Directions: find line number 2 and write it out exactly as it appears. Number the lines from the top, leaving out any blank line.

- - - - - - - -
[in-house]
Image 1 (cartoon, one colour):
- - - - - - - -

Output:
Image 1 (cartoon, one colour):